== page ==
Jury Vindicates Right to Fly Without Producing Identification

A New Mexico jury exonerated civil rights activist Phil Mocek for refusing to show his identification to the TSA before boarding a plane and for filming TSA agents. Mocek has published footage of the incident, stemming from his attempt to board a flight in Albuquerque in 2009. Agents instructed Mocek to put down his camera. When he refused, insisting that TSA rules and regulations do not prohibit filming in publicly-accessible areas of the airport, agents raised their voices and accused him of "causing a disturbance." Police officers arrived on scene and informed Mocek that he was under criminal investigation for "disturbing the peace," demanding that he produce identification. Mocek carried no identification and was brought up on four separate charges relating to the incident. The jury in the case took an hour to deliberate and returned with a verdict of NOT GUILTY on all charges. EPIC is currently suing to strike down the TSA's body scanner checkpoint program and recently submitted a "Friend of the Court" brief urging the Supreme Court to limit police access to identity documents. For more information, see EPIC: EPIC v. DHS and EPIC: Tolentino v. New York.

DHS Releases FOIA Report, But Questions Remain

The Department of Homeland Security has released the Freedom of Information Act Report for 2010. The report analyzes the processing of FOIA requests made throughout the year by each DHS component, detailing the disposition of each request, response times, and the number of backlogged requests. DHS is under scrutiny for their policy of referring FOIA requests to political appointees before processing. The release of over 1,000 agency documents revealed a persistent agency practice of flagging FOIA requests from EPIC and other watchdog organizations for referral.The FOIA does not permit agencies to select FOIA requests for political scrutiny and the Supreme Court has stated that neither the identity of the FOIA requester nor the reason for the request is relevant to the processing of requests. EPIC has recommended that the FOIA Ombudsman investigate the Department’s policy. For related information see EPIC: Open Government and EPIC: Litigation under the Federal Open Government Laws 2010.

January 26, 2011

INEX/CPDP Roundtable "Body Scanners"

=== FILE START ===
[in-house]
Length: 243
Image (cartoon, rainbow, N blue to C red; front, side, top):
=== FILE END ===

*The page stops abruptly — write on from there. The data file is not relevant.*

INEX/CPDP Roundtable "Body Scanners"

Marc Rotenberg,
EPIC President

Centre for European Policy Studies
Brussels, Belgium
27 January 2011

EPIC Urges Commerce Department to Support Effective Privacy Standards

EPIC submitted comments on the Commerce Report, "Commercial Data Privacy and Innovation in the Internet Economy: A Dynamic Policy Framework." EPIC called for an independent privacy agency with enforcement powers, and a comprehensive federal privacy law based on robust Fair Information Practices. EPIC also urged the Department to push forward an international framework for privacy protection and explained how effective regulation will promote innovation for privacy as it has for alternative energy. EPIC warned the Commerce Department not to "repeat the dreadful mistake of P3P," a privacy protocol widely viewed as one of the failures of self regulation. For more information, see EPIC: Internet Privacy, EPIC: EU Data Protection Directive, and EPIC: Privacy Act of 1974.

January 28, 2011

EPIC Awards 2011 Privacy Champion Award to Sophie in't Veld and Jeff Chester

EPIC has presented the 2011 International Privacy Champion Award to European Parliament Member Sophie in't Veld and the 2011 Domestic Privacy Champion Award to Jeff Chester, founder and executive director of the Center for Digital Democracy. In't Veld was recognized for her work as "leading defender of fundamental freedoms," Chester as a "tireless champion of consumer rights." Professor Stefano Rodotà and Justice Michael Kirby have previously received the EPIC International Privacy Champion Award. The 2010 EPIC Domestic Privacy Champion Award went to Beth Givens, founder and director of the Privacy Rights Clearinghouse.

EPIC's Rotenberg Repeats Call for US to Ratify International Privacy Convention